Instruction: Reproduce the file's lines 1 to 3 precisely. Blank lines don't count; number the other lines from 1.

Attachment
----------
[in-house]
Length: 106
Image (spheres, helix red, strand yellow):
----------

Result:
[in-house]
Length: 106
Image (spheres, helix red, strand yellow):